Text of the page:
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26th September
2003

First Published in The New York Sun, September 26, 2003

By Andrew Wolf

Remember these three words: schoolbased option. These are the words that strike fear into the hearts of Schools Chancellor Joel Klein, Deputy Chancellor for Instruction Diana Lam, and the other leaders of the Tweed cult that is running our city schools in neo-Orwellian style. 

    It is fashionable in some corners to knock the United Federation of Teachers as the source of all that is evil in the public schools. I have never shared this belief. Perhaps, because members of my family and many of my friends are educators, I have a more intimate perspective on the lives of teachers.

    I know that there a number of teachers who are simply “putting in time” in what they perceive to be a civil service job, marking off the days until retirement. But, for the most part, teachers have chosen their profession because they love children and want to do right by them.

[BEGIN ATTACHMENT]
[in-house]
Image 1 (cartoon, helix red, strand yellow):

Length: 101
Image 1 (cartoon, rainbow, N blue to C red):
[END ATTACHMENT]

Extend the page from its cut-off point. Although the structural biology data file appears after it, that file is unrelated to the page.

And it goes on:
Most teachers I know work long hours, well beyond the scheduled day and school year. In New York, they must work in sometimes intolerable and often downright unsafe conditions. They and their principals get little support and are often undermined when trying to handle discipline problems and disruptive students. Believe me, teaching is not an easy job. 
    As for the union, it must be remembered that whatever evils lurk in their contract didn’t appear there by magic. The offending provisions were agreed to, retained, and sometimes initiated by those who sat on the other side of the negotiating table. And this wasn’t the result of political payback. In the past quarter-century, the UFT has endorsed just one successful candidate for mayor: David Dinkins.